Columbia: A Journal of Literature and Art is challenging artists to design a universal warning sign that will deter our many-times-great-grandchildren from entering a nuclear waste dump site.
How do you create a warning system to prevent an accidental unearthing of 200 million pounds of radioactive nuclear waste? A simple sign, some chain link and a military post, might work today. But what about 10,000 years from now? In 2002 the U.S. Department of Energy brought together engineers, archaeologists, anthropologists and linguists and asked them this question. What type of warning system can be put in place so people, 370 generations from now, won’t open the glowing door?
What they came up with is hardly inspiring: a large earthen mound with a salt core and two identical Dr. Strangelove-esque control rooms with a warning message written in the six official languages of the U.N. and Navajo. Construction of this Waste Isolation Pilot Plant is scheduled to begin in less than three years.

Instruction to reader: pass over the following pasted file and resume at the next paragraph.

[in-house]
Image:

What if an artist designed the system?
Of course, “architects, cartoonists, computer engineers, graphic designers and scientists” can also submit proposals.
There was a similar competition held years ago. The project site was the (now cancelled) nuclear waste depository at Yucca Mountain. Of the proposals, we wrote that none of them will keep people away.
Build a field of menacing concrete spikes, and it becomes a popular destination. CLUI will send busloads of tourists.
What should be done in the intervening thousands of year is to develop an anti-radiation pill or the fast-acting anti-tumor pill, so that with these miraculous medical breakthroughs, future travelers will go on so-called radiation tours.
As you walk through the excavated labyrinth of Yucca Mountain, you become listless, nauseous. Going deeper and deeper into the caverns — damp, mildewed surfaces; stale air; pyramids of light falling heavily on your weakening body — you begin to have what will become the worst migraine of your life.
Then your hair falls off.
Others in your group had taken a different path and are now suffering from beta burns. Still others, on a different scenic route, are vomiting every few steps, their nose bleeding.
But obviously, all is well; you've taken the pills. Radiation poisoning is as safe as a Disney ride or a stroll through the park.
As a souvenir you can buy a wig at the gift shop.
It's the national park of the future.